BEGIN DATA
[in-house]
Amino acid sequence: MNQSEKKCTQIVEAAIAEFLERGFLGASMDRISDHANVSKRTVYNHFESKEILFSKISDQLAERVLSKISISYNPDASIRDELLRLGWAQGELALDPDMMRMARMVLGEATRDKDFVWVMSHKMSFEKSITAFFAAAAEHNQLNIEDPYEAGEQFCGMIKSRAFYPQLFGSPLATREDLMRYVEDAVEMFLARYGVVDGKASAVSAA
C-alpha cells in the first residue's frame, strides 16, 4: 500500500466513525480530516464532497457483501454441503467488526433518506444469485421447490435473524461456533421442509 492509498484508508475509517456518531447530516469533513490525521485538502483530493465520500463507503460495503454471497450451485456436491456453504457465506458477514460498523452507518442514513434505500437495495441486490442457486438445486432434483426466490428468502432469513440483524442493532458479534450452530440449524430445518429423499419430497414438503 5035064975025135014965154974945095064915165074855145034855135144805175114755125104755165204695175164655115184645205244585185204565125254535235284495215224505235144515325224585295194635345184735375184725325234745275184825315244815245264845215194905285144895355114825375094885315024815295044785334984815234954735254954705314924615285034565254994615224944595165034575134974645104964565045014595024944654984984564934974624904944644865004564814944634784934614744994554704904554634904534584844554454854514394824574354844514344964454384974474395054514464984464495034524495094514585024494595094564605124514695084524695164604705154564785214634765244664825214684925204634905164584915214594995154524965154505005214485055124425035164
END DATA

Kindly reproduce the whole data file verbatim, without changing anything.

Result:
[in-house]
Amino acid sequence: MNQSEKKCTQIVEAAIAEFLERGFLGASMDRISDHANVSKRTVYNHFESKEILFSKISDQLAERVLSKISISYNPDASIRDELLRLGWAQGELALDPDMMRMARMVLGEATRDKDFVWVMSHKMSFEKSITAFFAAAAEHNQLNIEDPYEAGEQFCGMIKSRAFYPQLFGSPLATREDLMRYVEDAVEMFLARYGVVDGKASAVSAA
C-alpha cells in the first residue's frame, strides 16, 4: 500500500466513525480530516464532497457483501454441503467488526433518506444469485421447490435473524461456533421442509 492509498484508508475509517456518531447530516469533513490525521485538502483530493465520500463507503460495503454471497450451485456436491456453504457465506458477514460498523452507518442514513434505500437495495441486490442457486438445486432434483426466490428468502432469513440483524442493532458479534450452530440449524430445518429423499419430497414438503 5035064975025135014965154974945095064915165074855145034855135144805175114755125104755165204695175164655115184645205244585185204565125254535235284495215224505235144515325224585295194635345184735375184725325234745275184825315244815245264845215194905285144895355114825375094885315024815295044785334984815234954735254954705314924615285034565254994615224944595165034575134974645104964565045014595024944654984984564934974624904944644865004564814944634784934614744994554704904554634904534584844554454854514394824574354844514344964454384974474395054514464984464495034524495094514585024494595094564605124514695084524695164604705154564785214634765244664825214684925204634905164584915214594995154524965154505005214485055124425035164